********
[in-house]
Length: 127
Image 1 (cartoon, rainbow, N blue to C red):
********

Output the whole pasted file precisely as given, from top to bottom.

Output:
[in-house]
Length: 127
Image 1 (cartoon, rainbow, N blue to C red):